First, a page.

Robin R. Ingalls, MD

Professor, Medicine

Robin Ingalls
(617) 414-4778
650 Albany St Evans Biomed Research Ctr

Biography

The ability of innate immune system to sense invasion by a pathogenic organism and respond appropriately in order to control infection is paramount to survival. To that end, an array of receptors and binding proteins has evolved as part of the innate immune system to detect invading microorganisms. My laboratory is interested in Toll-like receptors and the intracellular signaling pathways that contribute to the innate recognition of Gram-negative bacteria, with a particular focus on mucosal immunity. We have a variety of in vitro and in vivo models in the laboratory to address the interaction of Neisseria and Chlamydia species with epithelial cells and macrophages.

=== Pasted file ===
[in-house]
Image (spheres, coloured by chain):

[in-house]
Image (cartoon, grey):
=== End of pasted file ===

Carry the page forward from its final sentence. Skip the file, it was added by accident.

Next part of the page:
One major focus of the laboratory is exploring the role of TLR2 in host defense against C. trachomatis. Previous work in our laboratory established a role for TLR2 in cellular responses to chlamydia species. In our recent in vivo work we have observed that TLR2 plays a protective role in the lung but a detrimental role in the genital tract during infected of mice with the mouse pathogen, C. muridarum. The goal of this project is to determine the specific cell types that are responsible for this difference. As part of this project, we are also trying to identify the specific ligands in chlamydia that are important for TLR2-dependent and independent cell activation, and characterize TLR2 signaling mutant strains of chlamydia that lack the cryptic plasmid.